Professor Baker’s amusing account of this week-long sojourn to Harvard illustrated his enthusiasm to embrace new technology in the pursuit of deciphering early legal records "It was terribly hot....It was very generous of them to fly me over, but they couldn’t afford a decent hotel, so I stayed in a hotel without air conditioning in an extreme heat-wave. So I either opened the windows at night and couldn’t sleep for the traffic noise or I closed them and suffocated. I remember, having worked very hard on manuscripts all day, I would go to the Boston Public Library (where it was air-conditioned) and stay until I was thrown out at about 11, and then I would go and have an ice cream or something somewhere, and then go back to this awful hot room. Being young, I was able to keep that up for a week, but it was pretty awful," (Q75). Along with a parallel project to do a reprint of the yearbooks for Oceana Books [27], which eventually came to nought, John thought these bibliographical project were "the kind of thing a law librarian ought to do," (Q76).

Despite having time for research and teaching, after two years, he began to feel that his position at the SLL was "slightly unreal....I don’t know why. It’s far more common in the States to have academics as law librarians in charge. I think it was probably unique here. I was the only person in the country in that sort of position and I just felt slightly awkward about it.....Also, I remember Glanville Williams [28] coming to me with lists of complaints about the library, and there were things I didn’t feel that I could actually change very easily, and that got me down a bit....So I applied for the next assistant lectureship," (Q59).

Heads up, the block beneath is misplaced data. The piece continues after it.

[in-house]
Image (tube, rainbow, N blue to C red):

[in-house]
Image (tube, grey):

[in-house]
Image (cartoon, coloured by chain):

In his extended CV during his tenure at the Squire Law Library (1972 to 1973), Professor Baker listed four "articles and notes" as well as a presentation in 1972 (that saw publication as "part contribution to books" in 1975). In the latter he introduced the concept of 1483 to 1558 as the Dark Age of English Legal History [29], and on which he later produced one of his most important historical offerings [30].

Cambridge: academia (1973-2011) and beyond

Professor Baker’s interview before the Appointments Committee for a university lectureship, when one eventually came up, was "pretty terrifying". Nevertheless he was successful, and in 1973 transferred from the Squire Law Library to the Faculty proper.

For the next almost forty years, John Baker followed an uninterrupted trajectory of steady progression through the academic ranks at Cambridge, and played a full part in the teaching, administration, and scholarship of the Faculty of Law: Lectureship (1973-83); Reader in English Legal History (1983-88); Professor of English Legal History (1988-98); and Downing Professor of the Laws of England (1998-2011). He also served on numerous University committees, undertook a series of posts in his college (St Catharine’s), where he rose to President, as well as playing a major role in administering the archives at the Inner Temple.